2. >which indirectly funds research into reducing the TCO for technologies like solarcells and batteries

          The market goes to those who sell the cheapest, which is those who keep slimmer margins, which means those who spend the least on R&D. Technology development is not done at the level of the mass market – that is about balancing expansion and undercutting your competition. Countries like China are subsidizing old solar technology to keep the competition out of the market, which includes newer technology, so spending money on these things is not helping – it’s just throwing money out of your own country for pretend-environmentalism.

          1. Battery development was funded by the laptop industry, later cell phones kicked in. Enabled electric car development 20 years later, which continues to drive battery dev.

            Photovoltaics were economical before it was economical to put them on your roof.

            You are confused between commodity markets and others.
            For companies that decent engineers should want to work for the market goes to those that have the best product.
            It’s only much later, when products are comparable that the lowest margin wins. e.g. Northgate had much lower margins than Apple. (But that’s another case, Apple products are Veblen goods. Overpriced ‘designer’ junk like a mechanical watch or Italian trash cars.)

      2. How can you say what TCO will be? Nobody can predict future energy prices. It is safe to assume that they will increase faster than inflation and that’s not something that you want to be participating in.

        1. When you assume…

          People have lost money making that bet. Long term trend is down for all commodities in healthy capitalist economies. There are bumps, but still. As the saying goes ‘the cure for $100 barrel oil is $100 barrel oil’. Yeah markets!

  1. I’m sure there must be some low-grade coal left in the mines they’re flooding. As I understand it, one of the reasons you keep a coal mine dry is that water initiates methane/biogas production. I wonder if they’re using that resource.

    1. Only takes a tiny amount of gas to make a mine explosive. Take a hell of a lot to be useful. And isn’t carbon neutral. Radioactive gases and toxic water are the other fun stuff.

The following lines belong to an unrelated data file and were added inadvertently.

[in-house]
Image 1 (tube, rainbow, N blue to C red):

2. As someone from close to Heerlen… the mine water heating project is riddled with problems and people who are hooked up to it have a long list of complaints of problems ranging from trouble to keep their house warm to very high energy bills. It is a bit unclear what is going to happen to it but there are talks of another 300M of investments in order to make it work properly… they are currently losing about 0.5M per month and people are not happy about it. There are also talks about (forcefully) hooking people up to the nearby Chemelot site for using heat from their industrial processes, but I know exactly zero people who are looking forward to that because of the trouble with the minewater project

    1. Loosing? Sound’s like sour grapes.

      Someone is ‘making’ 0.5M per month. Do you think they care about peoples houses being cold? That 300M is theirs already BTW, that’s what comes from ‘wise political contributions’. Grifters in government.

  3. You can also generate energy by burning the coal in situ using pumped air and capturing the heat from the return. This lets coal seams that are otherwise uneconomical to mine be utilised. Alternatively, for remote seams, the coal can be gasified and the resulting gas captured for combustion off-site.

    Together, these technologies could open up 2-3x as much coal as is available for conventional mining.

  4. I’m not sure that “blight upon the face of the Earth” statement is entirely fair to use when describing old coal mines… As the son of a former miner and past president of the NEIMME (google us) I would prefer that Coal mines be seen as an important part of the Industrial Revolution and part of my regions heritage.

  5. “contaminating the local water table with heavy metals and kin,…”

    I’ll bite: What the heck is ‘kin’? Google is no help, and I can’t figure out if it’s a typo.

  6. Grandparents home was above a real geothermal source (Cascade range in southern Oregon) that hads been (and likely still is) in place since the 1940s. They had a simple loop of pipe sunk into a borehole and convection carried it throughout radiators in the house and an exchanger for domestic hot water. No moving parts – it was glorious and quiet.

    The tradeoff? Think about what’s under your feet that’s providing all that heat! (No eruptions yet though.)